When Sergio De La Pava’s A Naked Singularity (University of Chicago, April 19) takes off, it’s nearly impossible not to get swept up in the sheer giddy volume of wordplay. And because of all the ways he dazzles and distracts, it’s not until you’ve put his book down that you can begin piecing together quite what he’s saying.
Singularity could be a buddy comedy about a heist, or it could be a polemic about the capricious miscarriage of justice in America. Most likely it’s both, with some media criticism, a biography of boxing great Wilfred Benitez and hallucinatory interludes featuring menacing chimps and maybe Ralph Kramden thrown in.
But above all it’s a masterpiece of riffs, specifically the hot-breathed blather of the underachieving and overstimulated. “Do you really think I’ve been snookered? Someone as sapient as me? I don’t buy the Nikes because I’ve been deluded into thinking they’re going to make me jump higher or make me look cooler,” a neighbor asserts, justifying his decision to watch a channel devoted entirely to ads. “I buy them to express my gratitude to Television. I buy all those things shown on the screen to allay the guilt I feel over not repaying a dear friend who has given me so much.”
De La Pava knows his strengths and shamelessly plays to them. His talent for conversation recalls William Gaddis’s disorienting dialogue, but for De La Pava, it’s just one toy in a full sandbox, easily swapped for direct address or magical realism. Even his single bio line (“a writer who does not live in Brooklyn” — that is, one who should not be mistaken for his Brooklyn Heights-dwelling main character, Casi, nor lumped in with the Gessens, Lethems and Foers) is the coy wink of someone getting away with something.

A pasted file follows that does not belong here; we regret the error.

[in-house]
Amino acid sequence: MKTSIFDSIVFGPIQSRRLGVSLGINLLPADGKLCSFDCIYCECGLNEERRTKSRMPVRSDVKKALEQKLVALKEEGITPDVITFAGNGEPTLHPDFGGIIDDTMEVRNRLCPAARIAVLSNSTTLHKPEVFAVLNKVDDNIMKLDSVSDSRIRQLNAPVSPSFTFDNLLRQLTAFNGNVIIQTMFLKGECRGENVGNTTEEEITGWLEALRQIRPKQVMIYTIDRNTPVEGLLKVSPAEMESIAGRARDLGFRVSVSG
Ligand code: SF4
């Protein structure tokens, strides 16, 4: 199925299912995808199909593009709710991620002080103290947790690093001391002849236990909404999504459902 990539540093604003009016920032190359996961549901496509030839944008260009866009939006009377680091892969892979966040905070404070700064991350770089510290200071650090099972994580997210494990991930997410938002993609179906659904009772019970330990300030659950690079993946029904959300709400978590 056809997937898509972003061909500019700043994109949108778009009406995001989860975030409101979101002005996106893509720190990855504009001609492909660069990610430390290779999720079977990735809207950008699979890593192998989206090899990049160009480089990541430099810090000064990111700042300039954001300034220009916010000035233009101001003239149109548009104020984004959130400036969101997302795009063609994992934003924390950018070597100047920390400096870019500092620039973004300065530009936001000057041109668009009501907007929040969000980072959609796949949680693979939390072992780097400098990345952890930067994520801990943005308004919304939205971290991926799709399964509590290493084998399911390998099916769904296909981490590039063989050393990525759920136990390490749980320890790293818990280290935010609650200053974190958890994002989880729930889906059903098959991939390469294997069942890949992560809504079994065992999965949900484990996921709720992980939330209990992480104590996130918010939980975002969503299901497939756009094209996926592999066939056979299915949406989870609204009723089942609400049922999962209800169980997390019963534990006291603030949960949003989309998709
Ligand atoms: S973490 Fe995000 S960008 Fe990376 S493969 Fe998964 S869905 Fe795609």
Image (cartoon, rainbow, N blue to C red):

But for all of the exuberance of Singularity, it’s still more striking when Laurent Binet, early in HHhH (Farrar, Straus and Giroux, May 1), earnestly begins tossing toys out of his own sandbox. He begins by rejecting suspense, setting out the historical facts of his story: He’s writing about Operation Anthropoid, in which Jozef Gabcík and Jan Kubiš parachuted into occupied Czechoslovakia to assassinate Final Solution architect Reinhard Heydrich in May of 1942.
At the same time Binet recounts this story, he sets up a parallel storyline dramatizing his struggle to create a novel that’s scrupulously faithful to history. The Czech assassination is thrilling, heroic, larger than life; the Binet telling us the story is funny, engaging and increasingly neurotic — chagrined to discover this story has already inspired a handful of other novels and driven competitively batty by the success of Jonathan Littel’s merely plausible The Kindly Ones. He succumbs to (then immediately rejects) the temptations of fiction: “The people that took part in this story are not characters,” he writes. “And if they become characters because of me, I don’t wish to treat them like that.”
That insistence is the crucial point, not only for the narrator’s scruples but for the novel itself. Among the many things HHhH does — retelling a forgotten episode, dramatizing its own creation, examining the boundary between truth and fiction — the most vital is its moral dimension. By making a historian’s argument for the singularity of its characters (or, rather, its people), HHhH opposes instrumentalizing history, not just in crass Holocaust kitsch like Angel at the Fence, but even in higher-minded stuff like Littell’s book. The novelist in HHhH is easily identifiable as an invented character, but that doesn’t invalidate that character’s belief in the integrity of his historical people, for whom fiction would be an affront — “like fabricating evidence,” he says, “where the floor is already strewn with incriminating evidence.”